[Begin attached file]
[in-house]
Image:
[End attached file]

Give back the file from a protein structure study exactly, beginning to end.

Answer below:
[in-house]
Image: